Channel relocation and realignment.

(1) Description: The department discourages channel relocation and realignment and will approve them only when a person can demonstrate benefits or lack of adverse impact to fish life. Channel relocation may solve problems of channel encroachment and/or confinement, and foster the development of a new channel with appropriate channel morphology and healthy riparian zones. Channel relocation permanently changes the location of the channel. The new channel should be designed with bioengineered stability, rather than structural stability, so that the profile, pattern, cross-section and bed elevation can be expected to achieve long-term natural functioning. Channel realignment is used to restore a single-thread, straightened channel(s) to a more natural sinuous pattern.
(2) Fish life concerns:
(a) Channel relocation and realignment is a major undertaking involving reconstructing the channel bed, habitat features, channel banks, and flood plain. In-channel work will have a much greater impact on the bank and channel than off-channel work including the downstream burial of invertebrates, elevated suspended solids, and habitat destruction.
(b) However, channel relocation and realignment can also benefit fish life by altering channel planform, profile, and cross-section geometry to restore habitat that supports fish life. Restoration work can range from complete reconstruction of a channel to smaller-scale alterations that induce incremental changes to channel form.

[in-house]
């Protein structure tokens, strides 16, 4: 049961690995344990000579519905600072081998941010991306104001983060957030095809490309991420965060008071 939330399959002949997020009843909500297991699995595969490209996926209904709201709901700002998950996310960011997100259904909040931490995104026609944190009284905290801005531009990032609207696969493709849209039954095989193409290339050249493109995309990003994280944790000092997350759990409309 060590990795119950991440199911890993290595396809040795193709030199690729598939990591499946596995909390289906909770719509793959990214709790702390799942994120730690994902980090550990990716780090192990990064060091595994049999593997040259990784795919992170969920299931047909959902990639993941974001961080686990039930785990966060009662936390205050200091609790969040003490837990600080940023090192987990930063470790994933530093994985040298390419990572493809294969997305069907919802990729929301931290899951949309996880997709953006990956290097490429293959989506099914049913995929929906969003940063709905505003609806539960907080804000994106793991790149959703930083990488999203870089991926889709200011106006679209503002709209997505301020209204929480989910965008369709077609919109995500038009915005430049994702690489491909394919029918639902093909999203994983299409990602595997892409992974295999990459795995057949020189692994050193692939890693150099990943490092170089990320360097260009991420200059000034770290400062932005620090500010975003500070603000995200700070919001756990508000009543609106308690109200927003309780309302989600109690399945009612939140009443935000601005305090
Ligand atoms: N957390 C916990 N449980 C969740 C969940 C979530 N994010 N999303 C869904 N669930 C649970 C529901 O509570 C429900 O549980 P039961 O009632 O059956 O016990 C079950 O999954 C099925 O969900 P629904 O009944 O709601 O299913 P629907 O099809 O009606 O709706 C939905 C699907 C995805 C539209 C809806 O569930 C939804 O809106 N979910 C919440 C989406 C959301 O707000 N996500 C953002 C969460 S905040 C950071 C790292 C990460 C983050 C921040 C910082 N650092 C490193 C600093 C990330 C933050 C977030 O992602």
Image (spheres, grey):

(3) Channel relocation and realignment design: A channel relocation and realignment may be approved if:
(a) Permanent new channels are similar in length, width, depth, flood plain configuration, and gradient to the old channel(s); and
(b) The new channel(s) incorporates habitat components, bed materials, channel morphology, and native or other approved vegetation that provides better protection for fish life than that which previously existed in the old channel.
(4) Channel relocation and realignment construction:
(a) During construction, a person must isolate the new channel from the flowing watercourse.
(b) Before water is diverted into a permanent new channel(s), a person must install approved habitat components and bed and bank protection materials to prevent erosion as specified the approved design.
(c) When filling the old channel(s), water discharging from the fill must not adversely affect fish life.
(d) The angle of the structure used to divert the water into the new channel(s) must allow a smooth transition of water flow.
[Statutory Authority: RCW 77.04.012, 77.04.020, and 77.12.047. WSR 15-02-029 (Order 14-353), ยง 220-660-210, filed 12/30/14, effective 7/1/15.]
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